Middle East

President Trump signs waiver delaying US Embassy move to Jerusalem

Delaying and not abandoning. That’s the White House’s message about moving to the U.S. Embassy from Tel Aviv to Jerusalem.

President Trump signed a waiver Thursday delaying the move for six months, saying it could have a negative impact on efforts to promote peace between the Israelis and Palestinians.

White House Press Secretary Sean Spicer said President Trump stands by his promise to move the embassy, saying it’s “not if that move happens, but when” adding that delaying the move shouldn’t be considered a retreat from Trump’s “strong support for Israel” and the alliance between both countries.

But some Israeli officials are disappointed that President Trump, at least for now, is not following through on his campaign promise to move the embassy.

Israeli Prime Minister Benjamin Netanyahu’s office released a statement reading that the American embassy should be located in Jerusalem “our eternal capital” and that maintaining embassies outside the capital “drives peace further away by helping keep alive the Palestinian fantasy that the Jewish people and the Jewish state have no connection to Jerusalem.”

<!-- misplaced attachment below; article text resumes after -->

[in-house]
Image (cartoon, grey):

The Prime Minister’s office also added that, while disappointed by the decision, “we appreciate today’s expression of President Trump’s friendship to Israel and his commitment to moving the embassy in the future”.

The 1995 law mandates the relocation of the embassy, but gives presidents the power to delay the move based on national security grounds.

The most recent waiver was signed by President Obama, and expired June 1. Without renewing it, the US would be legally responsible to move to embassy from Tel Aviv to Jerusalem. The next deadline is in December.

Palestinian leaders, meanwhile, lauded President Trump’s decision to sign the waiver.

Palestinian Authority President Mahmoud Abbas’ spokesman, Nabil Abu Rudeineh said the decision is an “important step” that illustrates the United States’ seriousness about promoting peace. The Palestinians consider East Jerusalem as their capital.

President Trump visited Israel last week, meeting with Prime Minister Netanyahu in Jerusalem and Palestinian Authority President Abbas in Bethlehem, discussing the resumption of peace talks. President Trump did not, however, make any public comments about the embassy issue. 

John Huddy is a Jerusalem-based foreign correspondent for Fox News.